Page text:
GAZA CITY, Gaza Strip — The leader of Gaza's ruling Hamas group and Israel's prime minister staked out tough positions Monday, making de-escalation on the Israel-Gaza border in the near future unlikely.
Since late March, 26 Palestinians have been killed and hundreds wounded by Israeli fire in mass border protests led by Hamas, but also driven by widespread desperation over the territory's decade-old border blockade by Israel and Egypt.
The protests are seen, in part, as an attempt by Hamas to break the blockade.
Hamas leader Ismail Haniyeh renewed a pledge Monday that the marches would pave the way for a return of Palestinian refugees and their descendants to what is now Israel.
"We will return to Palestine, our villages and Jerusalem," Haniyeh said in a fiery speech at one of five protest camps set up along the border.
He stopped short of threatening a mass breach of the border, though another Hamas leader has done so in recent speeches.
Israel has accused Hamas of using the protests as a cover for carrying out attacks and bringing infiltrators into Israel. It has said some of those at the border tried to damage the fence, planted explosives or hurled firebombs.
Israeli Prime Minister Benjamin Netanyahu visited Sderot, an Israeli community near Gaza, and said Israel's top priority is its security.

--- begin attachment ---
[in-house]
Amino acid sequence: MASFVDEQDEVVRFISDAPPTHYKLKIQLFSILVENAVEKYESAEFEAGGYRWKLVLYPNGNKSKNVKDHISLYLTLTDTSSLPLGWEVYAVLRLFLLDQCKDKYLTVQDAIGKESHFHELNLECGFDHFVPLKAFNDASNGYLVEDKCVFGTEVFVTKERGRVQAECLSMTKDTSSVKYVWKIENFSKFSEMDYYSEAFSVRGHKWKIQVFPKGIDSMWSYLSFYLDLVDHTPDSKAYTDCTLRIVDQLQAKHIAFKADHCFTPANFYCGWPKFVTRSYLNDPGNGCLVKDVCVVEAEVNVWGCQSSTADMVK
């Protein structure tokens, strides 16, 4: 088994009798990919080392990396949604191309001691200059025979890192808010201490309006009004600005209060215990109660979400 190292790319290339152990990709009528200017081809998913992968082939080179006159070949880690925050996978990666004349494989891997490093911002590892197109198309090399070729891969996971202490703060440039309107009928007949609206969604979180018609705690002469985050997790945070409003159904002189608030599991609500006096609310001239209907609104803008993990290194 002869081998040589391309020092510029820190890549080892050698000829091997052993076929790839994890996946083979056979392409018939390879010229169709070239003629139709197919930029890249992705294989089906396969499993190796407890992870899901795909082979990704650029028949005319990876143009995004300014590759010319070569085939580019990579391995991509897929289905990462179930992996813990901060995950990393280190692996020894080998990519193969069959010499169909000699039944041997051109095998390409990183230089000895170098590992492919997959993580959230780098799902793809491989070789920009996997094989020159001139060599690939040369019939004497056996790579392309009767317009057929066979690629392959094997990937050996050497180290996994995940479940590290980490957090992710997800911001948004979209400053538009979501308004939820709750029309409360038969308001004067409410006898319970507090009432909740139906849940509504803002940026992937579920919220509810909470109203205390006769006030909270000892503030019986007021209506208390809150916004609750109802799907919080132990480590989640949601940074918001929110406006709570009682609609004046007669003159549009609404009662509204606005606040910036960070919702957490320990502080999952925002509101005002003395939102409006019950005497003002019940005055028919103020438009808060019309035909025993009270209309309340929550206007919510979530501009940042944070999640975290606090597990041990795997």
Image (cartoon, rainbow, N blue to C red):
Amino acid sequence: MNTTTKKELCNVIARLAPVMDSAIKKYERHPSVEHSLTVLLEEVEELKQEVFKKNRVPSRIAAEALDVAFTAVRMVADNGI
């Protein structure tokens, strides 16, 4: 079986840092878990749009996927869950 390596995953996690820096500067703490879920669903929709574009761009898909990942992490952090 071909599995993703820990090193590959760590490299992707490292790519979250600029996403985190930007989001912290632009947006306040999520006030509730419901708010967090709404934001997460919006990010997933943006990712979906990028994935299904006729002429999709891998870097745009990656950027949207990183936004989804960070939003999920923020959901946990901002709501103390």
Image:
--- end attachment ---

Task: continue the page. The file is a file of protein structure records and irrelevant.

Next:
"We have one clear and simple rule and we seek to express it constantly: If someone tries to attack you — rise up and attack him," Netanyahu said. "We will not allow, here on the Gaza border, them to hurt us. We will hurt them."
Israel has said it has the right to defend its sovereign border, amid mounting international expressions of concern about the escalation of the past 10 days.
Israel's military said Monday night that it is "thoroughly" investigating after media broadcast video that appears to show a soldier shooting a Palestinian near the Gaza fence as audio of other soldiers are heard cheering when the individual falls.
The circumstances of the shooting are unclear. Israeli media said the footage was taken during the recent border clashes. The military said the incident apparently occurred several months ago.
On Sunday, the chief prosecutor for the International Criminal Court said Israel's "violence against civilians — in a situation such as one prevailing in Gaza" may constitute war crimes. But in an apparent reference to Hamas, she also said "the use of civilian presence for the purpose of shielding military activities" could also be a war crime.
Haniyeh, the Hamas chief, said protests would continue. Since March 30, there have been two mass demonstrations on Fridays, and another one is expected this Friday.
In addition to 26 Palestinians killed in protests, three were killed by Israeli tank fire and three were gunmen apparently trying to sneak through the border fence.
Hamas' promise of a "Great March of Return" has particular resonance in Gaza, where two-thirds of 2 million residents are descendants of refugees, uprooted in the 1948 war over Israel's creation.
Israel and Egypt have enforced a blockade since Hamas, an Islamic militant group, overran the territory in 2007. Hamas has fought three cross-border wars with Israel, and its political charter calls for Israel's destruction.
Earlier Monday, Israeli fighter jets struck a Hamas target in Gaza, in response to two explosive devices found near Israel's border with the territory, the military said. No injuries were reported in the strike.